Subsurface bacterial burden can be missed during standard wound examination protocols. The real-time bacterial fluorescence imaging device, MolecuLight i:X, visualises the presence of potentially harmful levels of bacteria through endogenous autofluorescence, without the need for contrast agents or contact with the patient. The intended use of the imaging device is to assist with the management of patients with wounds by enabling real-time visualisation of potentially harmful bacteria. The aim of this study was to establish the accuracy of the wound imaging device at detecting pathogenic bacteria in wounds.

A single-centre, prospective observational study was conducted in Cork University Hospital in an outpatient plastic surgery wound care clinic. Patients had their wounds photographed under white and autofluorescent light with the imaging device. Auto-fluorescent images were compared with the microbiological swab results. A total of 33 patients and 43 swabs were included, of which 95.3% (n=41) were positive for bacteria growth. Staphylococcus aureus was the most common bacterial species identified. The imaging device had a sensitivity of 100% and specificity of 78% at identifying pathological bacteria presence in wounds on fluorescent light imaging. The positive predictive value (PPV) was 95.4%. The negative predictive value (NPV) was 100%. It demonstrated a sensitivity and specificity of 100% at detecting the presence of Pseudomonas spp.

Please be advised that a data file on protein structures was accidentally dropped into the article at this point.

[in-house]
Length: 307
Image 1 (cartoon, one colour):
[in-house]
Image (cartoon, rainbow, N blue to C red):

The imaging device used could be a safe, effective, accurate and easy-to-use autofluorescent device to improve the assessment of wounds in the outpatient clinic setting. In conjunction with best clinical practice, the device can be used to guide clinicians use of antibiotics and specialised dressings.

Acute and chronic wounds are a major burden to patients worldwide.1 The cost per annum of treating patients with non-healing wounds is increasing. However a growing volume of evidence demonstrates that strategies focusing on accurate diagnosis and improving wound healing rates is of benefit to patients and economically.2 The UK's National Health Service (NHS) annually manages an estimated 2.2 million patients with a wound, approximately 4.5% of the adult population.3

Wound infection is detrimental to wound healing, and the diagnosis of infection is controversial as it can vary between clinicians.4 Current practice in the outpatient setting for diagnosing wound infections is limited to clinical assessment of signs and symptoms of localised infection such as pain, heat, oedema, erythema, malodour, delayed healing and purulent exudate.5 However, wound healing may also be delayed in the absence of typical clinical features of infection. Subsurface bacterial burden can be missed during standard wound examination protocols and can be led by the clinician's level of experience of diagnosing wound infection.6 This can lead to wound chronicity and patient morbidity.

Register now to continue reading

Thank you for visiting Wound Central and reading some of our peer-reviewed resources for wound care professionals. To read more, please register today. You’ll enjoy the following great benefits:

What's included

  • Access to clinical or professional articles

  • New content and clinical updates each month